02/25/2013 04:52 pm ET Updated Apr 27, 2013

Are Your Search History, Credit Card Data, and Medical Records About to Be Leaked Online?

No, silly. Of course not. Well, probably not. But the main thing is... I made you look.

That's the message of the most entertainingly disturbing and disturbingly entertaining book on the media published in decades, Ryan Holiday's Trust Me, I'm Lying: Confessions of a Media Manipulator. Holiday pulls back the curtain on the ways that crafty publicity folks corrupt bloggers, who then corrupt mainstream media reporters, thus resulting in a "news" industry where the search for truth gives way to the search for fame and cold, hard cash.

Holiday made his media manipulation bones representing author and serial seducer Tucker Max, who does to women what Holiday himself does to bloggers, and American Apparel, which Holiday claims increased its sales to $60 million from $40 million when he came along.

Trust Me, I'm Lying offers a harrowing and entirely credible explanation of how the blogger food chain turns bold-faced lies into hard news. Holiday, or someone like him -- that is, if there's anyone quite like him -- will create a fake story and feed it to a low-level blogger, who is desperate for material because he or she must post constantly throughout the day in order to remain relevant... and solvent.

The blog piece then gets reposted by some higher level blog, which in turn becomes a source for, say, a local news website owned by a national news network (CBS, NBC, etc.), and now the story appears credible to the entire world.

Of course, it was never true, but now it sure looks true. For example, Holiday says he posted photos of vandalized Tucker Max movie posters in Los Angeles, after he personally did the vandalizing. Those photos soon oozed through cyberspace, ultimately turning into a national protest campaign against the allegedly misogynistic new movie based on a Tucker Max book. The whole campaign would never have existed had Holiday not defaced the posters and posted the, er, defacements. (Still with me?) For the cost of a few minutes' work, Holiday triggered millions of dollars of free publicity for his friend Max's film.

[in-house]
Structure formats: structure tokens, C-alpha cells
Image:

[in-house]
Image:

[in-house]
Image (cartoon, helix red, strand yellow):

That's how it works.

Bloggers are complicit because they are paid by the page view; the more outrageous and provocative the story, the more likely they are to publish word-for-word whatever they are handed (sometimes from a fake email address; Holiday says bloggers are far too lazy to check sources before they post).

Websites like Gawker and Drudge Report pick up the most page-view-friendly stories, not because they're newsworthy or even true, but because websites make money by selling eyeballs, real or imaginary, to advertisers.

Often the stories lack the slightest kernel of truth. Holiday cops to posting fake American Apparel ad campaigns, including one showing a female pornstar's pubic hair, in order to stir controversy and get free ink. But it's not just movies or clothing; apparently you can get pretty much any topic into the media by following Holiday's simple directions.

He details a new and monstrous form of "reporting" called iterative journalism, in which bloggers post pieces without doing any work verifying facts, waiting for the world to correct them. Of course, lies travel much further and faster than the truth, so reputations, earnings, and reality itself gets hammered and there's practically no way for individuals or companies to defend themselves.

The book is extremely frightening, because it calls into question the basic assumption that news consumers hold -- that somebody, somewhere, checked the facts before the story was published. You can't read even Google News the same way -- how much of what's there is real reporting, versus lies that trickled up from the bottom of the blogosphere?

Holiday suggests there's nothing really new going on here -- he intriguingly and convincingly traces the pseudo-journalism of today's Internet back to the yellow journalism tactics of the 19th century. The compellingly written book is well-grounded in research, with frequent references to the Daniel Boorstins and Walter Lippmanns, 20th century commentators who would be appalled by how much worse the news media has become since their day.

What makes a post eyeball-friendly? A disturbing question, like the one with which I headlined this piece. A subject that lots of people care about: moms; dogs; money. A list of bullet points regarding a topic that everyone wants to know -- how to lose weight or find a mate. All fluff, all filler, all the time, but it's crowding out real news because people pay more attention to what's trending than what's important.

Holiday takes a confessional tone: He repents for his past bad actions and hopes that others won't use his book as a text on how to get the media to buy their lies. If he's telling the truth, and I'm afraid he is, then Trust Me, I'm Lying is the single most important book you can read about the way the media lies to itself and to you. You'll never read a blog piece or news story the same way. And you can trust me on that.